NEW: A vigil for the slain officers is set for Monday
NEW: Father recalls his son's passion for policing: "He had this enthusiasm, this fire in his soul"
Two suspects face capital murder charges; another man charged as an accessory
It started as a traffic stop and ended in a hail of gunfire. Now two police officers in Hattiesburg, Mississippi, are dead, four suspects are facing charges and a community is mourning.
Officers Benjamin Deen, 34, and Liquori Tate, 24, were making a traffic stop Saturday evening when they were shot, Mayor Johnny DuPree said. They were taken to a hospital, but did not survive.
Authorities accuse the suspects of fleeing the crime scene, allegedly stealing a police cruiser and using it as a getaway car.
Joanie Calloway, 22, was charged with two counts of capital murder, the Mississippi Bureau of Investigation said Sunday.
Marvin Banks, 29, also faces two counts of capital murder, along with counts of grand theft auto and felon in possession of a firearm. Police charged his brother, Curtis Banks, with two counts of accessory after the fact of capital murder, the agency said. And a fourth suspect, Cornelius Clark, was charged with obstruction of justice Sunday, the mayor’s office said.
As deputies escorted him into a police station Sunday, Curtis Banks wailed and repeated “I didn’t do it.”
A community mourns
Dean’s and Tate’s bodies have been taken to the state medical examiner’s office for autopsies, while the suspects were taken “to undisclosed jails outside Forrest County to await their initial appearances” in the Forrest County Justice Court on Monday, state police said.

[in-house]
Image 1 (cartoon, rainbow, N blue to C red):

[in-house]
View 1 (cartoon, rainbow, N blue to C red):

A vigil is planned for the officers Monday afternoon, DuPree said.
“We’re a community. We’re family,” he said. “And we’re going to grieve together through this.”
The shooting marked the first time in 30 years that an officer was killed in the line of duty in Hattiesburg, the mayor told CNN.
“The men and women who go out every day to make sure that we are safe were turned on,” DuPree said.
Mississippi Gov. Phil Bryant said he and his wife, Deborah, were mourning the officers’ deaths.
“This should remind us to thank all law enforcement for their unwavering service to protect and serve. May God keep them all in the hollow of his hand,” he said in a statement.
Slain officer had ‘fire in his soul’ for police work
At Monday’s vigil, his colleagues described him as an officer who made many drug arrests with his dog, Tomi, at his side.
Tate graduated last June from the police academy. His excitement at joining the force was clear as he trumpeted the news on Facebook.
“I am now a Police Officer. I would like to thank God, the Police Academy, the Police Department, my family, friends, and love ones,” he wrote.
He’d worked at auto parts stores for years and was thrilled to have found his calling as an officer, said his father, Ronald Tate.
“He had this enthusiasm, this fire in his soul,” his father recalled.
That doesn’t mean he didn’t realize he was putting his life in danger by putting on a police uniform.
“He really knew the risk. But I think my son just thought people are generally good, and that’s just the way he was,” Ronald Tate said. “He thought people are generally good people, so let’s treat them all with dignity.”
In addition for his excitement for his police work, Liquori Tate often shared photos on Facebook of himself posing with family members and bantered with his father over his posts.
The two talked on the phone every week and texted every day, Ronald Tate said.
In a Facebook exchange with his son in March, Ronald Tate wrote, “Hey sonnyboi! Call ya dad sometimes! I need a good laugh!” It was a wish his son didn’t take long to grant. About an hour later, Liquori Tate replied, “Calling you now lol.”
On Facebook, where his timeline had been filled with condolences, Ronald Tate wrote that he’d been in a “dizzy haze” since 10:11 p.m. Saturday.
“My heart has been ripped out of my chest, and torn into a million pieces,” he said. “Gotta get down to MS where my daughter is. She’s absolutely devastated. He was clearly her protector, and friend.”
CNN’s Poppy Harlow, Rosa Flores, Joe Sutton, Ben Brumfield, Carma Hassan and Jethro Mullen contributed to this report.